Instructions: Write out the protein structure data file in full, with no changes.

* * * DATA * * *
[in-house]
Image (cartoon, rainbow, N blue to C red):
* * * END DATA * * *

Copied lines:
[in-house]
Image (cartoon, rainbow, N blue to C red):